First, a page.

FORT LAUDERDALE, Fla., July 18 (UPI) -- People shouldn't get excited about the release of $2.3 billion recovered from convicted New York investor Bernard Madoff to pay his victims, advocates said.
Ronnie Sue Ambrosino, formerly of Delray Beach, Fla., said the announcement that trustee Irving Picard would begin distributing money to 1,214 investors gives the wrong impression while another advocate questioned how Picard can pay claims with legal challenges pending, the Palm Beach (Fla.) Post reported Monday.
"I can't tell you the amount of additional angst caused by this one man, Irving Picard," said Ambrosino, Madoff Victims Coalition coordinator. "I don't know how the bankruptcy court allows him to continue this charade."
The first major payout to victims got the go-ahead last week when U.S. Bankruptcy Judge Burton Lifland approved disbursement of $2.3 billion to victims of the largest financial fraud in U.S. history. Picard approved about 2,300 claims of more than 16,000 filed.
Picard is using a "cash-in cash-out" method. If investors withdrew more of their account than they invested, they get nothing. Investors who took some but not all of their funds would get a partial payment. Those who didn't withdraw their investment could get the full $500,000 offered by the Securities Investment Protection Corp., plus a portion of any more money Picard recovers.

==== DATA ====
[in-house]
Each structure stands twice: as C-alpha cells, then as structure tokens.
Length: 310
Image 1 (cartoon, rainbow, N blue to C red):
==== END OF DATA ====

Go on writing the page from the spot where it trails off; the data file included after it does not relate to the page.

Ron Stein, president of the Network for Investor Action and Protection, which challenged Picard's payout parameters, told the Post he thinks 80 percent of the money will be refunded to the wealthiest 20 percent of investors.
"It's too small, affects too few people and took way too long," Stein said. "I would much like to see the smaller investors receive something as they are the ones suffering the most.:
Madoff investors lost about $17.4 billion when he was arrested in 2008. Madoff, 73, is serving a 150-year prison sentence.